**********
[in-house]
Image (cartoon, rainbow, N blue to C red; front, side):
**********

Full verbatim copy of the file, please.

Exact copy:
[in-house]
Image (cartoon, rainbow, N blue to C red; front, side):